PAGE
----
For what it is worth, the Osteens’ come close to talking about God’s goodness as the impetus of being in relationship with God. I have actually visited Lakewood Church, and it is a multicultural setting. The center of the service itself is NOT THE PREACHING OR THE PASTOR OR THE SERMONS; the locus of the theology of the church (which is conservative evangelical) is the music ministry itself. They play contemporary Christian and Contemporary Gospel songs. Also, Lakewood Church does discipleship through small groups. Discipleship, ever heard of it, NeoCals? I don’t think I can stress this enough. Analysis such as Mohler’s lack #TrueNuance ,and at the same time, the Neo-Calvinist perspective lacks any form of self-criticism when it comes to bashing other Christians for manipulating people’s emotions. That’s the sword they die on.

For more on my experience at Lakewood Church, see here: visiting Joel Osteen’s church

Billy Graham comes out

I like this Billy rather than the previous Billy.

But the really shocking revelation, that will confirm the worst fears of critics among the fundamentalists at Bob Jones University and elsewhere, is that Graham told one reporter that if he was starting over again he would be ‘an evangelical Anglican’.

via Shocking Revelations |.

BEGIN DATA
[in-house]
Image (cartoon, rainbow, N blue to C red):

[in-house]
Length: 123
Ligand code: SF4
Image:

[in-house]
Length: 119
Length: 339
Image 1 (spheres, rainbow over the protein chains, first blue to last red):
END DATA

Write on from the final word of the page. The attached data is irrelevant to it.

I usually don’t post snippets anymore, but this is indeed something to consider… who we are now, even the most famous of us, may not be who we really are (or who we will be) if we give it major reflection…

Of being a former Pentecostal/Charismatic preacher

The price to pay for being a former Pentecostal preacher is often high and it comes in all sorts of currencies. People often look upon you as “a little of that, but not much of that other” as in “too Pentecostal for the Calvinist and too Calvinist for the Pentecostal”, a phrase that causes a few to laugh but that it is a huge roadblock if one wants to change his image into a reasonable and well balanced Christian. Bearing in mind that if you are a Christian many will find you unreasonable anyway is not something that soothes the pain of being stuck with a label that is not only slanderous but it is also an impediment for any progress in the denominational circles in America Evangeliville. There is one softer side, however, which often assuages one’s ire of such unfair state of affairs, though: That’s when people still look upon you as a superstitious Pentecostal (if there is any other kind…), and when they meet you in a public place, as a restaurant, for example, they feel that they should come to you and tell stories upon stories that are completely insane, to say the least, that cannot be substantiated, that, if true, the whole world would have known, believers and unbelievers alike, the latter, a kind that would be nothing but extinct if these stories could have been validated and authenticated. Indulge me in presenting to you a recent event and the way it ended so, perhaps, I can contribute to your day laughing quota.